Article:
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Counselling and psychotherapy can help people to address panic in a number of ways including understanding and managing panic symptoms, overcoming panic attacks and reducing panic frequency. In fact, it is not uncommon for people to be free of unexpected panic altogether by the end of a course of treatment. These therapies also help people develop the skills needed to feel confident in coping should a panic attack occur again in the future.
CBT (Cognitive Behavioural Therapy) is considered one of the most effective psychotherapies for dealing with panic disorder and panic attacks. According to this model, people who suffer from panic disorder often have distorted ways of thinking that they are not aware of and these thoughts bring on a cycle of fear. By recognising and reshaping these thought patterns, people can take control over their panic. Relaxation training and exposure might also be used to help an individual overcome the problem, and homework assignments such as journals or breathing exercises are typically part of the programme. Weekly sessions of CBT for panic, over a period of 7 to 14 weeks, are recommended by the UK National Institute for Care and Excellence (NICE).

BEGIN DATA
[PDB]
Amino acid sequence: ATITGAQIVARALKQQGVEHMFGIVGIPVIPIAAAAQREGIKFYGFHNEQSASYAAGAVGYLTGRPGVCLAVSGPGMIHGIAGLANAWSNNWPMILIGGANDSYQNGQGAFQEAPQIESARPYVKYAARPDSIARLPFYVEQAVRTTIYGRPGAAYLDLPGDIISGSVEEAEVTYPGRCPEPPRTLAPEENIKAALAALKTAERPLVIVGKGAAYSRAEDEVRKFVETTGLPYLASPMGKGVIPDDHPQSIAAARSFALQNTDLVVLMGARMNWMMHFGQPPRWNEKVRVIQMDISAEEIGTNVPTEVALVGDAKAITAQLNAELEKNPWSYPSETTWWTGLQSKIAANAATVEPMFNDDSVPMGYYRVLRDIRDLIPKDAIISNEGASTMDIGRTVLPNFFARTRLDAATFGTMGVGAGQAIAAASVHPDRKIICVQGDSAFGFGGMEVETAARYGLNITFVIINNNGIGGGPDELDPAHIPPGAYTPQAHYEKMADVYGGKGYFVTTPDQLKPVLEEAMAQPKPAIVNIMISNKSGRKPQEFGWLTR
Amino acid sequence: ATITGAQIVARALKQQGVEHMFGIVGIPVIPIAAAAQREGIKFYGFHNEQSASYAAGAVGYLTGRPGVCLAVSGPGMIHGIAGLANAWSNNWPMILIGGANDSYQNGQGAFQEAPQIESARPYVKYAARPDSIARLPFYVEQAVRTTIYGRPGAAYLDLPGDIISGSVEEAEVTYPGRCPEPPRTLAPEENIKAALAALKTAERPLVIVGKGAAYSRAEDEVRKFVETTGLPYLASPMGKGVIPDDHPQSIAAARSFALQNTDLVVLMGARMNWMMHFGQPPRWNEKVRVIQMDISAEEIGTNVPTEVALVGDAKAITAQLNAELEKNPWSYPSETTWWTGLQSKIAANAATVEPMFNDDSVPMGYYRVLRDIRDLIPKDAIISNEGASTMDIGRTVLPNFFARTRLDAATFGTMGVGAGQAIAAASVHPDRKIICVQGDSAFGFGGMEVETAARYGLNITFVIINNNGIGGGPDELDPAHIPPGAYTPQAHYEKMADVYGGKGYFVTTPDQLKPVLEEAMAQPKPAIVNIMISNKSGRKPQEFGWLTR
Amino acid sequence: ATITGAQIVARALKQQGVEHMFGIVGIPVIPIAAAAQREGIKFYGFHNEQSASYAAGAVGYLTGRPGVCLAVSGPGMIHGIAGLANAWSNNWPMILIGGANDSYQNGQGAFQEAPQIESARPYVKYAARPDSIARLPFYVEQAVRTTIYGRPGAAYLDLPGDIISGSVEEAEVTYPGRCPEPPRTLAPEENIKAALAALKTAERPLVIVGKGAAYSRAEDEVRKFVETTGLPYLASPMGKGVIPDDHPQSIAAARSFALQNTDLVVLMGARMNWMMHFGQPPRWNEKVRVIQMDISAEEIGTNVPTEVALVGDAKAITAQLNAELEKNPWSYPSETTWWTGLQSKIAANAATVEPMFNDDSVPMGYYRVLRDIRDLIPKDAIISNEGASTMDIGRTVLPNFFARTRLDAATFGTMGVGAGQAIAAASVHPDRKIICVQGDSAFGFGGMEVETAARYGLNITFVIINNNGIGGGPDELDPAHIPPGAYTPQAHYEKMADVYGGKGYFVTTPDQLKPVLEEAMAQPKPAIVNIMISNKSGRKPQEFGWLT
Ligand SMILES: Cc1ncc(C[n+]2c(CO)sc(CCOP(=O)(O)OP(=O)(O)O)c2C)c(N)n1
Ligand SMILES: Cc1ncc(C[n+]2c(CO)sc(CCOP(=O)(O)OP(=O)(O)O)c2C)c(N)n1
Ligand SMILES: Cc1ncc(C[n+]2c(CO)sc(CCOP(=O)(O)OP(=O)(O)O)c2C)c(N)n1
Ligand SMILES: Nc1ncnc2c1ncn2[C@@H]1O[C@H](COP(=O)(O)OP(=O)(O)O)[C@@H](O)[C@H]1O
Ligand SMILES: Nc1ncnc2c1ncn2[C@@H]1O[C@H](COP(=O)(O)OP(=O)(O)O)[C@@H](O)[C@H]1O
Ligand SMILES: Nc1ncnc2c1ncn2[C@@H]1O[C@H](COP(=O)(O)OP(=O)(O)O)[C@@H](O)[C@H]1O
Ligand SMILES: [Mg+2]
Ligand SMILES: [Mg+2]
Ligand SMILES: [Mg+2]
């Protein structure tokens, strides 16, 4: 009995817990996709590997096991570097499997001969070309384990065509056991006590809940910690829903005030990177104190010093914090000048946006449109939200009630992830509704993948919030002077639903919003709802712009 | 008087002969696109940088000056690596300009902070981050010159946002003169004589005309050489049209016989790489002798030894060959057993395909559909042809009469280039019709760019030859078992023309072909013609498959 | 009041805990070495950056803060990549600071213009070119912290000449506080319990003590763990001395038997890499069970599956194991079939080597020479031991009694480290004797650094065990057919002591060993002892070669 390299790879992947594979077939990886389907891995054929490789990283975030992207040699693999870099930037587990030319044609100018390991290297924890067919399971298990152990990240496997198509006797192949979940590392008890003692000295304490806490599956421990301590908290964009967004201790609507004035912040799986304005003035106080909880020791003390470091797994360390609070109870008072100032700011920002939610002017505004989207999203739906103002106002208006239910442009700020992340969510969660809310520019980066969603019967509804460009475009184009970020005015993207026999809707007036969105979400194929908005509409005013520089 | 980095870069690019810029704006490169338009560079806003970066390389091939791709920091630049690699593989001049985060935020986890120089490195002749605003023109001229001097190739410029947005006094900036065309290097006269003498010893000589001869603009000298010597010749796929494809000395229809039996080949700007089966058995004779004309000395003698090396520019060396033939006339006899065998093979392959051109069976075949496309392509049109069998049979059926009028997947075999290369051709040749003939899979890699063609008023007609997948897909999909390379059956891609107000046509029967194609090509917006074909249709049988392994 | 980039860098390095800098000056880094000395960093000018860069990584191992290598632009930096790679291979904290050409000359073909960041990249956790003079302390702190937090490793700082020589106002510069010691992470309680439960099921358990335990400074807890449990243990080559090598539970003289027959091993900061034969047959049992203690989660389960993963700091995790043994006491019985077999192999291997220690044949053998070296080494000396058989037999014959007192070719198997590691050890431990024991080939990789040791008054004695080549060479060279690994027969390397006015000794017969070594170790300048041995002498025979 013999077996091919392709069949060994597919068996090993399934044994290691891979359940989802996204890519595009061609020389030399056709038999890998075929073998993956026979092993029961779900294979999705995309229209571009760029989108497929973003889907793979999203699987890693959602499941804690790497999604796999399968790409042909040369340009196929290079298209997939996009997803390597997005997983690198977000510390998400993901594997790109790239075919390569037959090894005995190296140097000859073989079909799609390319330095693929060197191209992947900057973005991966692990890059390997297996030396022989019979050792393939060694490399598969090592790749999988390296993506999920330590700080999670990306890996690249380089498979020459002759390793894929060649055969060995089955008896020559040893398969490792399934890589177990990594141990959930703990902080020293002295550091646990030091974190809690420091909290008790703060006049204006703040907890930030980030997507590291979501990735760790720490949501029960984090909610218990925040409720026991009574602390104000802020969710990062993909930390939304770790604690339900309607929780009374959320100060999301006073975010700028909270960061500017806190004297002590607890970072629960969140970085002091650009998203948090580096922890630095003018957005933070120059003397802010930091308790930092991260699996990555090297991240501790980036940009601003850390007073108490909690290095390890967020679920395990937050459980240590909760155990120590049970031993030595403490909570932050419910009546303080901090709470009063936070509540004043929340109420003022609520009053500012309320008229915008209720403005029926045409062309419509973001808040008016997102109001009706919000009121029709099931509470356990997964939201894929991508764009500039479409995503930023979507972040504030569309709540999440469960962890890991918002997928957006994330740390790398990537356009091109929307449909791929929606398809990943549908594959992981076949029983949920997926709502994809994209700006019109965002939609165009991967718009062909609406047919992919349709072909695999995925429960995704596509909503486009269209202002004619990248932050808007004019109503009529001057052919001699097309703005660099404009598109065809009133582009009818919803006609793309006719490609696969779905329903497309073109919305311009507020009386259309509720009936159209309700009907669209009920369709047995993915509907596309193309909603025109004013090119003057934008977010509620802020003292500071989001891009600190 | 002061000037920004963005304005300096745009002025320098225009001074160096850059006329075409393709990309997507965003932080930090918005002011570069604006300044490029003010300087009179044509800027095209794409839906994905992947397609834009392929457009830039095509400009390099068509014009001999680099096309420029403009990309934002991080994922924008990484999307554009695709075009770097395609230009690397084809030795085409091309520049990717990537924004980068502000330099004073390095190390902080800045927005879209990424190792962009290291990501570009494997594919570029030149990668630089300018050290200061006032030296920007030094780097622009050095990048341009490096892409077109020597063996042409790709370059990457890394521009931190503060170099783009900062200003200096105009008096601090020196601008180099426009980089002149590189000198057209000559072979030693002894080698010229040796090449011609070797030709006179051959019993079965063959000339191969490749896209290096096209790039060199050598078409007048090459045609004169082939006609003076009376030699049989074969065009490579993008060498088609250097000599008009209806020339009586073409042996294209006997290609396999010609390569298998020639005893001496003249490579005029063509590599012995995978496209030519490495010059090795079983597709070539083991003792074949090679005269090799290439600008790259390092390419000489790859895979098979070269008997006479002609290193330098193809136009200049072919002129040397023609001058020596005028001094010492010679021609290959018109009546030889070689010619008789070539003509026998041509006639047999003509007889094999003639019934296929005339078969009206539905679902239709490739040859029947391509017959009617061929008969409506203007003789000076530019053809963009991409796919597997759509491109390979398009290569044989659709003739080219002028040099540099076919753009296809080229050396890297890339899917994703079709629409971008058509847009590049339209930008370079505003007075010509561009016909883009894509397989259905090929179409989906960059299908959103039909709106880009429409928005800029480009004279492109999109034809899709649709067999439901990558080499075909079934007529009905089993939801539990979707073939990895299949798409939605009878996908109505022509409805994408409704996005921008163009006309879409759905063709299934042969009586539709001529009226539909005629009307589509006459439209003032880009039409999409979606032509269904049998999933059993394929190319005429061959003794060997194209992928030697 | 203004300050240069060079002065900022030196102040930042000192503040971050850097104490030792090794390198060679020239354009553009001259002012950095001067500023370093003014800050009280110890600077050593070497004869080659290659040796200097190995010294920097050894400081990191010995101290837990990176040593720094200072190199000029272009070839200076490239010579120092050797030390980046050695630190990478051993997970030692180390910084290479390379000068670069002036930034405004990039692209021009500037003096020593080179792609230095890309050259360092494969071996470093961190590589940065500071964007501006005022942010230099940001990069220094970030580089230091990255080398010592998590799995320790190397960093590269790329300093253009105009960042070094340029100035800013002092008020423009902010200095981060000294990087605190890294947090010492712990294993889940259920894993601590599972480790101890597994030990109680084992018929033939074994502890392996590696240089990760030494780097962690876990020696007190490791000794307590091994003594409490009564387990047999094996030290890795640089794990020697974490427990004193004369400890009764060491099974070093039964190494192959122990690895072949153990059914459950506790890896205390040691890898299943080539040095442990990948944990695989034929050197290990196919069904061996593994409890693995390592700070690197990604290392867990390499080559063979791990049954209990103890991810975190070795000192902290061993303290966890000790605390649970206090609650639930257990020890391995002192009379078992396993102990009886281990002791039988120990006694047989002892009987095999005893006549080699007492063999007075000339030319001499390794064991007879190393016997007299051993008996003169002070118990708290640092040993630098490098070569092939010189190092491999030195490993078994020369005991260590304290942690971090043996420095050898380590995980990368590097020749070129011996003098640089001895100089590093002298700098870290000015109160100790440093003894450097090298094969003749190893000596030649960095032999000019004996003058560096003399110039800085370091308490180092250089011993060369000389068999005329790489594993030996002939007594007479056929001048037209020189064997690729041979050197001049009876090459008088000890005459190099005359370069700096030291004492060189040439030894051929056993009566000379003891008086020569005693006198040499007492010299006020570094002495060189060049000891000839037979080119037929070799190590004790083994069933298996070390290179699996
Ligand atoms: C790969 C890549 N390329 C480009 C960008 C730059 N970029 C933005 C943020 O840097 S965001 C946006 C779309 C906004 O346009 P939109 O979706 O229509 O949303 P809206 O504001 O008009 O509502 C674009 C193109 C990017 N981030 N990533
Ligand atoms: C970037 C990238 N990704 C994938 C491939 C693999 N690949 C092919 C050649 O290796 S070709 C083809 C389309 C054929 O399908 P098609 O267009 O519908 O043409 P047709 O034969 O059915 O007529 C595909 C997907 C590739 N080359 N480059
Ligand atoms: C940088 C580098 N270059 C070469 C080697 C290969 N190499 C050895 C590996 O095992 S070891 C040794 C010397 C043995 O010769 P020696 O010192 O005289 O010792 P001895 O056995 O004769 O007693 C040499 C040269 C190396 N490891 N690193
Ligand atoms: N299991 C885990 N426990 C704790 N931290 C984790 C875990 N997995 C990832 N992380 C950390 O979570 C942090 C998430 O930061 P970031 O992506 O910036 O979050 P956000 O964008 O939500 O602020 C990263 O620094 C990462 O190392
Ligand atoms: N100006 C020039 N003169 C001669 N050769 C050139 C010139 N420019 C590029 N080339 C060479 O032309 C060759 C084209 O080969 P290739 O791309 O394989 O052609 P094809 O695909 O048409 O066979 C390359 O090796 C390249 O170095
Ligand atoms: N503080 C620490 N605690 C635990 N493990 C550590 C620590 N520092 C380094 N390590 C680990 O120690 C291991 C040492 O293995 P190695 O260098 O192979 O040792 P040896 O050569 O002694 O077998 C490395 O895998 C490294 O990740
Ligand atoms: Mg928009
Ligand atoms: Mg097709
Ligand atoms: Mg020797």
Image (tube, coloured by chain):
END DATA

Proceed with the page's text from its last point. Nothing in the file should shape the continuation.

Psychotherapy can help people understand the roots of panic attacks, which do not have an obvious connection with here and now stimuli. By exploring areas in people’s past such as childhood experiences, early personal difficulties or past relationships the underlying causes that contribute to your panic can be uncovered and dealt with. This helps remove the issues that are often out of awareness but powerfully fuel the physiology which gives rise to panic. Blocked feelings such as anger, low self-esteem or shame can also be factors which exacerbate anxiety. Psychotherapy can help you uncover these issues and correct them, so they no longer contribute to fuelling panic.
There are some medications that can help control the physical symptoms that accompany panic disorder, but medication is rarely used alone to treat the problem.